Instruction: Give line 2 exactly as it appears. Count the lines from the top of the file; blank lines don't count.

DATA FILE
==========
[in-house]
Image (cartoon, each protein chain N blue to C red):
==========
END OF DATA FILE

Image (cartoon, each protein chain N blue to C red):